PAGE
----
Top Heavy

Charentais MelonSo, everyone knows that wee fragile seedlings should be carefully staked to defend against the mighty winds that blow across the bow of the little blue deck. Right?

But who knew that the Mystery Melon (which, by the way, isn’t a mystery anymore — hello, charentais! Woo!!) would take on Barbie-like proportions and keel over, taking everything in her path along for the ride.


Bug Week!

LadybugAfter spending so much time on nasty, awful, horrible, stinky, invasive, crop-killing pests, it’s time to give a shout-out to all the good bugs out there. Please welcome Ms. Lady. ladybug

This little lady beetle was enjoying the lush green basil (which happens to be pest free) so she was moved over to the aphid-infested boothby blonde cucumber to work her aphid-eating magic.

More Stinky News

From Rutgers:

Thank you for posting a sighting of BMSB on our website. We are collecting specimens for research on the spread of this invasive species. If possible, please send live specimens to the address below (Attn: BMSB Sightings). Containers such as plastic medicine bottles or film containers work well.

For answers to many common questions please see our new FAQ Section:

For control recommendations please see the link below. If you have any further questions feel free to email them.

Thank you

Bug Mystery Solved, Unfortunately

Thanks to Plants on Deck’s gardening buddy BH and the magical Rutgers Cooperative Extension, the mystery has been solved.

BH commented, “They also look not unlike the malicious Brown Marmorated Stink Bug which Brendan Skwire over at Brendan Calling wrote about for City Paper earlier this year. If so, sound the alarms!”

POD’s little pesties looked precisely like the creepy crawlies featured in Skwire’s CP article and hatched forth from a clutch of precisely 28 eggs…just as Rutgers suggested.

Consider the alarm sounded. The sighting has been reported and photos have been forwarded to Rutgers. Sigh.

Where There’s Smoke

Aphids and AntsThere’s sure to be a fire.

In this case, long trails of ants paint a smoky trail to the real hot menace: aphids.

By themselves, ants don’t pose all that much of a threat. Sadly, this rarely means one can rest easy. Nature, the wonderful beast that she is, always has a plan. You see, ants like to feed on the sweet stuff (honeydew) that aphids excrete — which means the army ants protect the aphids from natural predators. Which means lots of aphids.

Lots of aphids means that great quantities of sap is slurped from leaves, leaving them curled, dessicated, and unhappy. As if that isn’t enough, aphids may also contribute to the spread of cucumber mosaic virus.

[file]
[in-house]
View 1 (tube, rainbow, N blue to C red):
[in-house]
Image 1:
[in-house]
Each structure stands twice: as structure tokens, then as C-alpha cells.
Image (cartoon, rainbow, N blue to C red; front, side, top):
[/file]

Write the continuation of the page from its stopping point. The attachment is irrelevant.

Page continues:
Ants and Aphids
Hi, I'm an aphid. Click on my picture. It's worth it to see my antennae and cornicles.

So, yeah, it’s important to get rid of the sap suckers.

The best method for removing aphids (supposedly) involves spraying the leaves with a steady stream of water to wash the aphids and honeydew from the leaves. Unfortunately, the little blue deck isn’t reachable by hose. Ladybugs love to eat aphids, but you could count the ladybugs this urban garden sees on your fingers.

So what’s a container gardener to do? These buggers, which may produce up to twelve off-spring per day, are tenacious. So, try fighting fire with fire.

POD’s Pest Potion:

  1. Combine 1 c. stems, seeds, leaves, flowers of thyme, lavender, and yarrow (handily, all are grown on or around POD) with
  2. A couple of tbs of coffee grounds
  3. Allow the herbs and coffee to steep for 24-hours
  4. Strain the solution, discarding or composting the herbs
  5. Add 1/4 c. milk to the solution and 1 tbs. natural dishwashing solution, castile soap, or Neem oil
  6. Pour the potion into a spray bottle
  7. Shake
  8. Spray the infected plants thoroughly, making sure you hit the undersides of the leaves

Next year, try planting chives, basil, mint, or marigolds alongside the cucubmers and melons to discourage infestation in the first place.

Good Greensgrow Growers

So, POD hasn’t been entirely happy with the whole alternating weeks of fish emulsion/worm casting tea fertilizing routine. All sorts of secondary deficiencies have been cropping up in POD’s ever-suffering tomatoes. Like magnesium (helped by the addition of epsom salts) and calcium (maybe, or maybe not helped by egg shells) deficiencies, and who knows what else.

A desperate plea was recently lodged with a charmingly hairy farmer guy at Greensgrow. He was incredibly helpful. He suggested this stuff:

Garden tone fertilizerHere’s hoping it works.